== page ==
Once again, I'm detaching these observations from the OP, because they'll be wandering away from the direct support of the text.
We've established that the Rome of John's time resembled the Babylon of the Old Testament in the sense that they were both centres of hostile power.
And that would explain why the woman in this picture should be named as "Babylon", evoking the memory of Rome's predecessor in the role.
The next task is to consider how this picture can be applied in later times, for the benefit of a later church.
One approach has been to assume that the later equivalent of Rome would be Rome itself. The identification is taken to be continuous, from John's reference to the Rome of his own time, and also from the fourth beast of Daniel's vision.
On that basis, a long-standing Protestant tradition understands the woman in this picture as a reference to the Roman Catholic Church.
At the same time, though, Protestant tradition has identified the Papacy as "the Antichrist"- that is to say, as one of the Beasts of ch13.
But this double identification does not really allow for the conflict between Beast and Harlot at the end of the chapter, and I'm not sure that those who adopt this approach have found a good way to explain it.
Another line of thought, more recently, finds the continuity of "Rome" running through the Holy Roman Empire, vis the Treaty of Rome, into the European Union. To the extent that this interpretation concentrates on Rome as "the Beast", it avoids the objection just mentioned.
But I would question this focus upon continuity, and I think we need to be looking, instead, for similarity.
The two theories just quoted look for the later equivalent of John's Rome by following the name and location of Rome.
But these were not the points on which John's Rome was identified with Babylon.
As already discussed, the resemblance was based on two kinds of similarity;
It was partly because they had a similar dominant position in the world
And it was partly because they had a similar hostility towards God's people.
There was certainly no identity between them in name and location, and those two points did not enter into the comparison.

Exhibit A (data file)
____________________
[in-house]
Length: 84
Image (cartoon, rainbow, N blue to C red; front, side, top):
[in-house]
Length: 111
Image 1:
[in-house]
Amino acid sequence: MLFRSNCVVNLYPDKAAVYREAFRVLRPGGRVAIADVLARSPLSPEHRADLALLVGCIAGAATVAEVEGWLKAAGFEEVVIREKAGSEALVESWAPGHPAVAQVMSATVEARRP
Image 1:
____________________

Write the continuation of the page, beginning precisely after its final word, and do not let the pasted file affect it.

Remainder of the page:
The Rome of John's time was "Babylon" only in a metaphorical sense.
So perhaps the later equivalent of that power would be "Rome" only in the same, simply metaphorical, sense that Rome had been "Babylon".
If that power is to be found in the current state of the world (though this cannot be taken for granted), then the most obvious candidate would be the United States. Not yet a "Universal State", in the Toynbee sense, but it might be argued that economic and cultural globalisation has a simlar effect.
The suggestion that "America is Babylon", which I've seen on these forums, would be inaccurate, strictly speaking, because "Babylon" seems to represent the metropolis. It would have to be identified with Washington/New York, perhaps in conjunction with San Francisco/Los Angeles, thus combining the centres of political and economic and cultural power.
But this theory, too, has a very important flaw, because the United States only meets one of the two criteria. The Biblical "Babylon-Rome" represents hostile power, from the viewpoint of God's people.
The United States has much of the power, but where are the signs of hostility?
In the absence of state hostility to the church, we cannot yet say that "Babylon" has emerged into view.
A final possibility is that "Babylon" remains in the future.
That would certainly follow if the Beast itself (as I've argued elsewhere) remains in our future, because the Harlot cannot be separated from the Beast.
The Beast seems to emerge after the world-crisis represented by the "Four Horsemen" of ch6.
I've suggested that the Beast would be able to rise to power on the strength of leading the world into recovery from that crisis.
We're told in ch13 that the Beast had previously suffered "a mortal wound", and we're told in this chapter that the Beast "was and is not" in the time of the earlier "sixth king".
So it seems plausible to me, from these hints, that the power which led the world into recovery from that crisis would NOT be the power which was leading the world when the crisis began.
This possibly rules out the United States, but certainly makes it impossible to identify the Beast, with any certainty, before the events of ch6 have taken place.
If we cannot identify the Beast, with certainty, then we cannot identify the metropolis of the Beast.
Which means that we cannot identify that "Babylon" aspect of the Harlot.
But we should be better able to recognise Babylon, in that sense, when she arrives.
She would be seen as a central power, dominating the world, and acting in hostility to God's people.
edit on 28-11-2010 by DISRAELI because: (no reason given)